UK blocks Russian ships from its ports

The step comes amid controversy over Russian-linked tankers in Wales and Scotland and push towards further sanctions following the invasion of Ukraine

<p>A tanker carrying Russian oil docked in Wales over the weekend amid pressure to go further on sanctions. </p>

A tanker carrying Russian oil docked in Wales over the weekend amid pressure to go further on sanctions.

The UK government has asked ports across the country to block access from Russian vessels.

The move comes after The Independent reported that a tanker carrying Russian oil had docked in Wales over the weekend.

Scottish politicians had also expressed concerns over a Russian tanker due to dock in the Orkney Islands. The ship’s arrival has now been cancelled.

Grant Shapps, transport secretary, announced the move in a letter to all UK ports, saying that the ongoing “unprovoked premeditated attack” by Russia on Ukraine had prompted this latest step.

Mr Shapps asked ports to block ships that fly the Russian flag, or which they believe could be controlled, chartered or operated by any person connected with Russia. Ships registered in Russia would also be covered by the upcoming legislation, he added.

“Further detailed sanctions against Russian Shipping are being developed,” Mr Shapps added.

However, industry sources told The Independent that the measures could present a host of legal challenges and would also not tackle a bigger issue: Russian cargo landed in the UK from ships registered or chartered in other countries.

The British Ports Association (BPA) said in a statement: “We expect this to only impact a relatively small number of vessels.”

Nevertheless it would be difficult to implement due to contractual arrangements the BPA added, as well as the Open Ports Duty, which requires ports to allow the safe shipping and unloading of goods, provided they are paid.

While this particular measure is unlikely to pose widespread disruption to global shipping on its own, the invasion of Ukraine has already caused major problems for companies including shipping giant, Maersk.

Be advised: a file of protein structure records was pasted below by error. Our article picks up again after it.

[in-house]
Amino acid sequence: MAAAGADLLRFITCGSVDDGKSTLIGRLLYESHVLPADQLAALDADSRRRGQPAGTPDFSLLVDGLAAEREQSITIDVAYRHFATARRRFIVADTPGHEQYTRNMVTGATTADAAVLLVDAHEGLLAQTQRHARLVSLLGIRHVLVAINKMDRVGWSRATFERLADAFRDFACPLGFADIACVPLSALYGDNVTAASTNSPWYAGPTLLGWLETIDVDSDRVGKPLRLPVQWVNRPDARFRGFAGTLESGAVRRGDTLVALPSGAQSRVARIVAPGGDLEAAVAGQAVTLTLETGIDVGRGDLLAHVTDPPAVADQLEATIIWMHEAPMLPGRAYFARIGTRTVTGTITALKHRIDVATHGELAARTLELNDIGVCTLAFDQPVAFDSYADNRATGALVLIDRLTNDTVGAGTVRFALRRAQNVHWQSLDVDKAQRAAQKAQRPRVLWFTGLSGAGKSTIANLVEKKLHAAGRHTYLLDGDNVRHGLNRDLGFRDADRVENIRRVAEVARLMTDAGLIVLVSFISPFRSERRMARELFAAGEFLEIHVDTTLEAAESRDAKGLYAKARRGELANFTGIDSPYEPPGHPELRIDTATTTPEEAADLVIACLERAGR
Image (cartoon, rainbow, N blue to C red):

The company announced on Monday that it was considering suspending all deliveries two and from Russia.

The conflict in Ukraine is set to add to pressure on global supply chains, already stretched to breaking point by the COVID-19 pandemic. Alongwith energy price rises as countries look to diversify away from Russia oil and natural gas, the disruption from sanctions and scrambled logistics will likely force businesses to raise their prices.

Data from the International Chamber of Shipping, which represents 80 per cent of the merchant fleet, showed that 14.5 per cent of the global workforce for the industry is composed of Russians and Ukrainians.

These seafarers are unlikely to avoid the huge transport disruption from conflict and sanctions including flights and airspace.

The impact on the Russian economy from the suite of sanctions from Western allies is set to be severe and long-lasting according to economists.

A lack of ready access to US dollars, the global currency of trade in which most international companies prefer to strike their contracts, will be a major challenge for the country’s importers and exporters in the months ahead.

An analysis by US investment bank JPMorgan sent to clients on Monday said that Russia’s economy was now expected to contract by 20 per cent in the three months to June this year, and by around 3.5 per cent for the full year.

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